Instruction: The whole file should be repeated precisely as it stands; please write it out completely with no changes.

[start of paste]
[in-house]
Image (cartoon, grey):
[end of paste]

[in-house]
Image (cartoon, grey):